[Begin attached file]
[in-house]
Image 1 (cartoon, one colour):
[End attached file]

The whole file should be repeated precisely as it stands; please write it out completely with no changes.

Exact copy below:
[in-house]
Image 1 (cartoon, one colour):